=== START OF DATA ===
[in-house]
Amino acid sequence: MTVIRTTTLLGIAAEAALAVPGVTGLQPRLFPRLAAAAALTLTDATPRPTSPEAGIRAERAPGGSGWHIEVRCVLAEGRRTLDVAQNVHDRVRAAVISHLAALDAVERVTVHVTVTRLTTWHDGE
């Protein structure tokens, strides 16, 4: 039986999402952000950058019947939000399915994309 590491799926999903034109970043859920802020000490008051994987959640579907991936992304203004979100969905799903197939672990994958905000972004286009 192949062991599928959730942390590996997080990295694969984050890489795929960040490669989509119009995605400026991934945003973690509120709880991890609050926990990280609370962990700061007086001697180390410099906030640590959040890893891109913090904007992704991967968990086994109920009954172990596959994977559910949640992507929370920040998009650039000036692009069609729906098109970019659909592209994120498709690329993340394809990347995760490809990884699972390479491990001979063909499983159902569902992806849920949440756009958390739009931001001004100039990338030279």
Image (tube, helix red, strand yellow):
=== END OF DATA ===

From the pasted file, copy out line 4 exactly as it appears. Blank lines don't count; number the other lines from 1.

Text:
Image (tube, helix red, strand yellow):